Touché by Expressive E (good for composers?)

Hello Composers, Mike here! :smiley:
So I have been checking out this expression controller for a while now, but I still am not sure it will be good for me as a composer. I can totally see the value for EDM and synthesizers. But I would love to add this amount of expression and emotion to cinematic and orchestral instruments! :slight_smile:

Do any of you have experience or at least tried this expression controller? Especially for adding emotion and movement to cinematic sounds and instruments.

Please share your opinion, thoughts and experience on this device. :slight_smile:

Sincerely,
Mikael “Mike” Baggström
Founder of professionalcomposers.com

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Just started researching it, actually, and might grab one one of these days.

Kind of looks like the best of wheels, sticks, and breath controllers rolled into one. Most importantly, unlike wheels etc, it can do percussive stuff, much like you can do with tongue technique with a breath controller - but maybe even more agile than that, since you have multiple fingers.

A bit like the bow of bowed strings instruments, turning the keyboard into a fingerboard… And on that note, it would seem more intuitive to me to use it with the right hand, but OTOH, I’m not great at playing melodies and chords on keyboards with my left hand… Easy enough to switch as needed, though. :smiley:

My first thought was to use a Touché together with the BBC2 (since I’m no big fan of the tilt and bite features), as an upgrade from the old wheels + aftertouch, but given the expressive capabilities of the Touché alone, I’d probably use the BBC2 only for actual wind instrument style playing, or if I really need multiple simultaneous dimensions of… extreme expression. :slight_smile:

The only downside I can think of is that a rig like this is going to be almost as difficult to play properly as “real” instruments… :slight_smile: I mean, once you’re past the basics on the cello, controlling bow speed, weight, or position is not impossibly difficult, nor is shifting with expressive slides, or vibrato - but to actually play well, you need to do all those things together in an accurate and expressive manner.

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It does seem very capable, and I actually like the idea of playing it like an instrument. Downside I see right now is that it can not send out standard CC but has to be connected to that plugin, which will then serve as a wrapper for other plugins. I do not like that.

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I am using it a lot and not only for my synths. I prefer using the Touché as alternative to the modwheel control for cc1 as for me it feels much more natural and I get more in the “flow” when using it. For my orchestral works I have setup also the expression and vibrato control for Cinematic Studio Strings to it.

You don’t have to work with the Lié software in order to use it as controller. You can also make profiles and assign midi cc to the controller and use it as a everyday controller.

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What?! I can assign CC output per “expression parameter” on Touché. This changes it for me, now I am seriously interested. :smiley:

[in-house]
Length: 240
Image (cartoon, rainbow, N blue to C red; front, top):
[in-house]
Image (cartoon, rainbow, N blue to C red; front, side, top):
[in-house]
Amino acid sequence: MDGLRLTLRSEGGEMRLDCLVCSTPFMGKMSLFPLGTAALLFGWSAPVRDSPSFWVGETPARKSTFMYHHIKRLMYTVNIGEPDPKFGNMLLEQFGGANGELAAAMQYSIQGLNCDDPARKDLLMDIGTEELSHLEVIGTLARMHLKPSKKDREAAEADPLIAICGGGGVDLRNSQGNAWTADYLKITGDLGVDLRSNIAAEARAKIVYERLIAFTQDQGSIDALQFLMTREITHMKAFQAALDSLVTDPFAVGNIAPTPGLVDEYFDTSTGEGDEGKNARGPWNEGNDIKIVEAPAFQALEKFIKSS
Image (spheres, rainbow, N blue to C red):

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Apparently, it serves as a class compliant USB MIDI device when not using Lié, and CCs are configurable, so it should work with anything, just like the BBC controllers.
https://expressivee.happyfox.com/kb/article/70-what-are-the-standalone-capabilities-of-touch-se-and-touch/
The classic version has more options there, though; up to 8 CCs etc - but since it’s a 4-axis controller, I suppose that’s mostly relevant for directly controlling hardware synths, with no CC routing/transformation tools in between.

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It’s on my wish list now, the SE version that is. I think it will be a nice addition to my studio. Especially since I hate “programming expression” into my music and much rather perform it. :slight_smile:

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Right…! Just ordered one. :slight_smile:

Looking for demos, but most people are basically using it as a traditional MIDI controller, rather than playing it like an instrument. I get what’s going on, and see the potential, but I’m just not blown away by the resulting output for the most part.

Arthur’s own demos are among the best I’ve found so far, like this one:

BTW, there are some worrying comments suggesting that the Windows software has issues and is practically unsupported, but I don’t know the full story… Either way, not particularly important to me, as I just want those CCs.

Japanese review, showcasing various features:

Meanwhile, this guy decided to use the SE for everything it’s specifically designed NOT to do (vs the classic edition), in particular, CV. :smiley:

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I have a shopping cart waiting on Thomann, with this product, some mallets, sticks, brushes etc. that I intend to use for my own sound design recordings etc. :slight_smile:

PS. I usually just let a shopping cart with these kinds of products sit and wait for weeks…so I don’t impulse buy :stuck_out_tongue:

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Yeah… Had a tiny shopping cart there as well - so, I’m finally getting a dedicated violin tuner as well. :smiley: Impulse filter dropped the Warchal Brilliant strings, though, as I already have a Timbre set to try out. (Intro deal. Very expensive normally - but if they’re anything like Evah Pirazzi Golds, and last longer than two months, it might still be a win!)

Anyway, one should definitely keep a wishlist for sample libraries and other software! Regular massive sales on most of it, and of course, chances are items get dropped, or replaced by better options, while waiting for the right price.

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OT, but on the topic of expression. I have been thinking about choir libraries, and the best one in terms of “dynamic range” and expressivity is by my research East Wests latest one. Not talking rhythmic choirs here, but beautiful big chord type choirs. Your thoughts?